The photophysical properties of 2,4,6-triphenylpyrylium (TPP + ) and three para-substituted tritylium ions encapsulated within Y, β, and MCM-41 have been studied. It was found that TPP + adsorbed within MCM-41 or silica only emits fluorescence (λ max 470 nm), whereas when this cation is incorporated within HY and LaY, simultaneous emission of fluorescence and room-temperature phosphorescence (λ max 560 nm) was observed. The fluorescence decay consists of two consecutive first-order processes and is dominated by the fast (0.2-0.7 ns) component. In addition to the prompt fluorescence, delayed emission observable 40 µs after excitation was also detected for the three TPP + samples. Weak fluorescence was observed for the series of tritylium ions embedded within zeolites. The characteristic T-T absorption spectrum of the TPP + triplet excited state has been detected using time-resolved diffuse reflectance. Depending on the zeolite, shifts in the reflectance maximum and changes in the extinction coefficient of the long-wavelength band have been noted. Similar transient spectra have also been obtained for the tritylium samples, which also show long-wavelength bands that are attributed to the corresponding triplet excited state.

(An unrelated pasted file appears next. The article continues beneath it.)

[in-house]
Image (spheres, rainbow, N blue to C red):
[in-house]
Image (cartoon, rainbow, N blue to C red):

Laser flash photolysis of a series of substituted styrenes embedded within the cavities of the large pore zeolite NaY leads to the formation of the corresponding styrene radical cation. The reactivity and spectra of these radical cations embedded within NaY are examined and compared to the reactivity of the same radical cations in solution. It is found that for the highly reactive parent styrene radical cation the zeolite framework provides a strong stabilizing effect. For the 4-methoxy-substituted styrene radical cation the zeolite framework plays less of a role in stabilizing the radical cation as compared to the reactivity of the same radical cation in acetonitrile solution. Rigorous analysis of the thermal stability of 4-methoxystyrene, 4-methylstyrene, and anethole in the zeolite micropores was carried out using two sources of NaY zeolite (Aldrich and The PQ Corporation). It was found that the thermal stability was surprisingly dependent on the source of the NaY zeolite. 4-Methoxystyrene, 4-methylstyrene, and anethole were thermally stable in NaY (Aldrich) but rapidly dimerized in NaY (PQ) upon incorporation with dichloromethane. We observed the formation of the same type of dimers not only for 4-methoxystyrene but also for 4-methylstyrene and anethole. In addition, 4-methoxystyrene was incorporated into a series of different acid zeolites (HZSM-5, HMordenite, HBeta, and HY) varying in the shape and size of their micropores where rapid thermal protonation occurs. Dimerization of the thermally formed 4-methoxyphenethyl cation with a neutral molecule of 4-methoxystyrene took place within all the acid zeolites examined. The generation of this secondary 1,3-bis(4-methoxyphenyl)-1-butylium ion was clearly observed in the medium pore ZSM-5. This carbocation was found to be thermally unstable in the acidic environment provided by the four acidic zeolites and underwent a proton and hydride transfer to form the more stable allylic 1,3-bis(4-methoxyphenyl)buten-1-ylium cation. In the large round cavities of HY a competing cyclization reaction took place which led to the formation of the 3-methyl-5-methoxy-1,4-methoxyphenylindanyl cation.